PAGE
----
This Is How Emotionally Intelligent People Vacation

You’ll be doing some people-watching and self-reflection anyway while you kick back. Why not make it count?


Packing your beach bags? Firing up a grill? Now’s the time for leaving work concerns at work and skipping off someplace where you can relax, regenerate, let loose, and just have fun. The idea of doing anything that even remotely reminds you of your job probably doesn’t seem too appealing—and that’s fine. But even so, your vacation doesn’t have to be dead time when it comes to self-improvement.

Before you roll your eyes and click or swipe out, there’s good news: You can boost your skills while relaxing and de-stressing. In other words, your vacation can be a great time to improve your emotional intelligence—and still thoroughly remain in vacation mode. Since that’s one of the most important job skills on the market right now, it’s worth taking a page or two from the most emotionally intelligent vacationers’ play books.

On vacation, we tend to unwind and let our minds wander away from the pressures of daily life—or at least that’s what we hope for while booking trips to foreign climes. The key is actually make that happen. Since self-awareness is the basis of emotional intelligence, it’s worth planning a vacation that gives you a chance to notice things about yourself that you might not in an ordinary workweek.

People with high emotional intelligence understand how important this can be. As the pace of things slackens, ask yourself:

What kind of people irritate me?
What kind of people am I drawn to?
Who do these people remind me of?
Being in a laid back, relaxed state is an excellent time to do some self-reflection. So sure, have a cocktail or dive into a book, but carve out some time just to be alone with your thoughts.

Holidays are a great time to people-watch. When you’re in a laid-back mood, you’re more receptive to other people. So why not make a game out of noticing things about people? Involve your friends or family, too, and trade observations about each other as well as the strangers who surround you.

Most people do this in their own heads anyway when they’re traveling overseas or someplace unfamiliar. Notice people and their facial expressions, their posture, dress, and manner of walking—these are all great ways to gather clues about what’s going on with them. In fact, you can assume this mind-set even when you’re going to a movie, out to eat, or to a live performance.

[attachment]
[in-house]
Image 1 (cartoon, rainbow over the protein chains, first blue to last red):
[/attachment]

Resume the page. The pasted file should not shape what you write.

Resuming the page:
Emotionally intelligent people take advantage of opportunities to empathize, and vacationing presents more of those chances than a typical day in the office does.

Many people struggle with asking for what they want. That’s why so many work culture are tense with passive aggression and rife with politics. Emotionally intelligent people realize that the worst that can happen is getting a no, in which case they’re no worse off than before asking for something they want.

You might think of the boardroom as the real place to be more assertive, but vacation is actually just as good a time to stretch your “asking muscles.” When you check into your accommodation, try asking for an upgrade. If there’s a problem with your meal, tell the server. Just be polite. Because you often won’t see the people you’re dealing with again, it may be easier to ask for what you want.

It’s great practice for moving out of your comfort zone and might make it easier to do it next time. People are more willing to accommodate simple requests than you might think—or at least entertain them. And when it goes your way, you’ll get a nice boost of satisfaction and self-esteem.

Vacations are a great time to revisit past goals or even set new ones. When you’re away from your everyday routine, you’re better positioned to take a look at where you are in life and contemplate where you’d like to be. Those who get high scores for emotional intelligence are usually pretty good at getting away from their daily habits now and then in order to refocus and take an inventory of their lives.

You should do the same. The stimulation and new experiences that come with vacations can give you a chance to turn some new thoughts over in your mind. You might not come back home with a new strategy already hammered out, but you’ll have started the wheels turning on some fresh ideas and aspirations.

Personally, I tend to be more creative and insightful when vacationing in the mountains or by the ocean. If you know there are certain environments that make you more reflective, that let steer your plans. If you’ll have to go back to a job or career that isn’t satisfying once your vacation is over, this could give you the chance to take some first mental steps toward changing course

While you might like to tell yourself that next month you’ll finally start meditating daily or picking up a journaling routine, life often gets in the way. Emotionally intelligent people aren’t immune to this, but they’re good at using vacation time to retool those resilience strategies.

Vacations give us a chance to return to what we know we should be doing for ourselves but don’t often make time for. They can also be the time to try new things and stretch yourself. You might come across rewarding or relaxing activities you hadn’t considered and find ways to work them into your daily life after coming back home.

What you do on vacation might not change your life or career, but it’s possible to arrive back home just a little more emotionally intelligent than when you left—without feeling like that took any work at all.

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